NOTES

"On 3rd February 1906, one of Sheffield’s most eccentric characters died. Horatio Bright was interred, without fuss or religious ceremony, in a mausoleum that he had constructed some years previously to house the remains of his first wife and son. In the early hours of the morning, Bright,s remains were carried, in a cab, from the family home at Lydgate Hall, Crosspool to his resting place at Hollow Meadows. There were no mourners, only the undertaker and the mausoleum’s caretaker witnessed the interment. His estate was valued at £137,000, but his will shocked Sheffield as not a single penny was left to good causes in the city. The trustees of the will were specifically instructed to give nothing to Sheffield charities.

Horatio Bright came from a wealthy family of Jewish jewellers and had been a prominent figure in the iron and steel industry. He started out as a representative for Turton Bros & Mappin and was so successful that he married the daughter of Thomas B Turton.Bright’s firm of Turton, Bright & Co made high quality dies for the Royal Mint. He exhibited a stubborn streak and was reputed to be a harsh taskmaster, although his employees were paid higher than average wages. He lived up to his wealth and indulged his passion for horses. He often took the reins of a splendidly turned-out coach and four, accompanied by out-riders in livery, to welcome guests to Lydgate Hall.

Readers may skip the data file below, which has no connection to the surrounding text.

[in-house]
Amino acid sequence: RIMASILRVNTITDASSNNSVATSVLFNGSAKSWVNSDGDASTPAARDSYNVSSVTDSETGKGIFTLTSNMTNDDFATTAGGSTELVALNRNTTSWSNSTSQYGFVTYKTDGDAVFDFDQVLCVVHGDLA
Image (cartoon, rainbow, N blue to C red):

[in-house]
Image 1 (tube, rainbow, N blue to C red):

A double tragedy struck the family in 1891, when in the space of five months, both Bright’s wife and only son died. Both were interred, without religious ceremony, in a specially built mausoleum, the interior of which was sumptuously furnished and contained a small organ. Bright had been determined to carry out the last rites himself and this gave rise to gossip and speculation that he had abandoned all his religious beliefs. Bright visited the mausoleum regularly; playing the organ while his groom dusted the coffins and other furniture. Remarkably, his wife’s coffin contained a glass window so that Bright could gaze on her face. The tragedy took away all his interest in outside affairs and for the last ten years of his life he devoted little time to his business.

His death and burial attracted little interest in the local press, indeed Bright had left strict instructions that neither his life, career nor burial were to be given publicity.